Writing and Mortality

headstoneLast week a friend congratulated me on publishing my second book. He then asked me how many more books I had in me. Off the top of my head, I said fifty. He was surprised by such a big number, and I countered, “It mostly depends on how long I have to live.”

Ideas for books are actually pretty easy. At least, they are for me. Maybe they’re hard for you, or maybe they’re simply flying right past you without you noticing them. I don’t know, but I’m not worried about running out of ideas. Right now I have ideas for twenty books simmering on the back burner, and that’s not including the twenty-two book ideas I discarded before I actually managed to finish my first novel. I see no reason to believe that I’ve exhausted my pool of ideas. More than likely, some of those twenty simmering novels will never be written because there will be even better books to be found in the hundred ideas that will follow them.

But my point is not that ideas are a dime a dozen. It’s just to say that, for me at least, they won’t be the upper limit on how many books I write. Instead, it’s going to be how many years are left in my life. Barring Alzheimer’s or some other form of dementia, I should be able to keep writing up to my final months. It’s hard work, to be sure, but it’s not physically taxing work. When I’m shopping for my third set of knees and an artificial pancreas, I should still be able to pull a keyboard onto my lap and pound out another tale or two.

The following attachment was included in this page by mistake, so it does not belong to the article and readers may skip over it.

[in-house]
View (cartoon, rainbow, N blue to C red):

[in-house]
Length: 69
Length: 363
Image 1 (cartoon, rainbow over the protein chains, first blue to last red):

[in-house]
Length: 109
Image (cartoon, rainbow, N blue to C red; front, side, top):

IainBanksSo, how many years do I have left? While I can’t put a number on it, I can tell you this: it won’t be enough. Iain Banks died a few days ago. He was 59. Octavia Butler died at age 58. I’m 45. Maybe I’ll be lucky and hang on into my 90’s like Arthur C. Clarke, but whatever the final number is, it will be finite.

Given that the ideas seem much less exhaustible, I can state with confidence that I will die with books unwritten. I suppose that’s true of almost all writers. I feel sad for those for whom it’s not. I would hate to come to the end and feel I had nothing left to say. I suspect that, more than anything, would be enough to hasten the end for me. Sure, I suppose I’ll grieve the number of books unwritten, orphaned by my demise, but if I’m lucky, I’ll have written more than I leave unwritten.

So I’m writing, from now until then. Yes, I’m doing other things as well, but I hope to never again lose sight of the writing. Right now I’m trying to write and publish two to three books a year. If I have another twenty to thirty years left to me, then I could get to fifty books fairly easily. If I’ve got another forty years, then heck, I might even reach a hundred books.

But fifty would be good… especially if I go out working on the fifty-first.